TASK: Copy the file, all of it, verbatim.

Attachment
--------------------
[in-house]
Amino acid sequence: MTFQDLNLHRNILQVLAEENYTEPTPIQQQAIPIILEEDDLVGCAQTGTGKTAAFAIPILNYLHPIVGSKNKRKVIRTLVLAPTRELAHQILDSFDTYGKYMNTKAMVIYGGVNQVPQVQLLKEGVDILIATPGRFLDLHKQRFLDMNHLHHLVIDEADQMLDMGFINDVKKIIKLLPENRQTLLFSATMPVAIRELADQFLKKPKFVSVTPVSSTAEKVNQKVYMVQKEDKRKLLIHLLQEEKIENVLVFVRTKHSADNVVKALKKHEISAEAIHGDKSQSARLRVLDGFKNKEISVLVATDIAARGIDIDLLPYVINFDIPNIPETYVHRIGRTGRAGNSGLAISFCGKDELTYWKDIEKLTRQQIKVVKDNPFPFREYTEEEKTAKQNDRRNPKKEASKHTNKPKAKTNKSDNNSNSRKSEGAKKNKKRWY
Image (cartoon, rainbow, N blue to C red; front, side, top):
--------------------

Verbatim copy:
[in-house]
Amino acid sequence: MTFQDLNLHRNILQVLAEENYTEPTPIQQQAIPIILEEDDLVGCAQTGTGKTAAFAIPILNYLHPIVGSKNKRKVIRTLVLAPTRELAHQILDSFDTYGKYMNTKAMVIYGGVNQVPQVQLLKEGVDILIATPGRFLDLHKQRFLDMNHLHHLVIDEADQMLDMGFINDVKKIIKLLPENRQTLLFSATMPVAIRELADQFLKKPKFVSVTPVSSTAEKVNQKVYMVQKEDKRKLLIHLLQEEKIENVLVFVRTKHSADNVVKALKKHEISAEAIHGDKSQSARLRVLDGFKNKEISVLVATDIAARGIDIDLLPYVINFDIPNIPETYVHRIGRTGRAGNSGLAISFCGKDELTYWKDIEKLTRQQIKVVKDNPFPFREYTEEEKTAKQNDRRNPKKEASKHTNKPKAKTNKSDNNSNSRKSEGAKKNKKRWY
Image (cartoon, rainbow, N blue to C red; front, side, top):